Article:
According to what I see people can’t just “change identities”.  I often get a kick how people think that people are supposed to change identities like changing hats.  This inability shows a quality about identity, that once a person takes an identity they are as if “molded” into its particular form.  Because of this, one can’t just change.  Its like trying to change pottery, which once was malleable clay but is now hard and will break if you try to bend it.

Some common reactions to the inability to change identities include:

  • Stagnation . . . apathy
  • Forming “sub-groups”
  • Blindly agreeing with society
  • An “aloneness”
  • Living with a disconnectedness with life
  • Preoccupation with hobbies and activities

To me, these are common qualities in modern society and are primarily a result of the endless change of modern society and the upsetting of society.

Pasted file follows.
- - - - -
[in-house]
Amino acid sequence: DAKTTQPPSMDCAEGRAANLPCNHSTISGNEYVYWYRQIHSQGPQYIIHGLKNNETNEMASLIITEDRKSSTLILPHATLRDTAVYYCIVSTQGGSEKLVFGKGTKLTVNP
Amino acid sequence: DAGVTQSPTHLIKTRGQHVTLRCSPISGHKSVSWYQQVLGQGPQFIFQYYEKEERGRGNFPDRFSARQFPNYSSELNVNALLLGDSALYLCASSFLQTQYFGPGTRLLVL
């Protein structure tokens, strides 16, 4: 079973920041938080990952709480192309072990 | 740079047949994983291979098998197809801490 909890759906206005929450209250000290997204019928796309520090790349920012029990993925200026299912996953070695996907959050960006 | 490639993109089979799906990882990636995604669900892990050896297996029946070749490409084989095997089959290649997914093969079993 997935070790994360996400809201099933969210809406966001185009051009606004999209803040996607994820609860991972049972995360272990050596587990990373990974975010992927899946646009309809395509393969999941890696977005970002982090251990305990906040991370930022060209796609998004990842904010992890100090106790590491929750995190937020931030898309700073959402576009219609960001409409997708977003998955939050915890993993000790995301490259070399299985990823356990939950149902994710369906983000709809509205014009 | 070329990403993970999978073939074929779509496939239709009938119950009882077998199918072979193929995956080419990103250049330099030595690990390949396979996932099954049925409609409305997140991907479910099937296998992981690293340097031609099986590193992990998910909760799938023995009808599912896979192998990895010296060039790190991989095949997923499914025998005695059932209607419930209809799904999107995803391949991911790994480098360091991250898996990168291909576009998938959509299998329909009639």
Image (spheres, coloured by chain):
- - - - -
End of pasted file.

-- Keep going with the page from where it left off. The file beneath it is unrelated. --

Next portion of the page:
A lot of this problem has root in what make up opinions . . . words.


One could say that the enigma of opinion is the enigma of words and what words create (thoughts, ideas, knowledge, etc).  In short, we have become overly dependent on words, and the creation of words, but words are not our nature.  As a result, there is a conflict between that part of us that uses words and our deeper nature that does not use words.  

A number of things have caused us to be too word oriented:

  • Writing things down, particularly with books
  • Reciting stories, myths, etc.
  • A natural tendency to rely on words because they are a means to communication
  • The prevalence of education and learning
  • The already existing effects of words and what they create

Words, and what they create, tend to make things “written in stone”, unchanging, rigid, and inflexible.


I’ve always said that once something has taken word form it has been degraded.  This states that there is something that becomes before the word, that motivates it.  In other words, words are motivated by something.

This is why I often say, “seek what is before the word”.  I generally speak of what is before the word as “passion”.  To me, passion is not necessarily an emotion, though it can appear as an emotion.  I would describe it more as a “force” or “movement” or “energy”.  It is “something that moves you”.  It is, of course, wordless.  As a result, it is hard to put into words.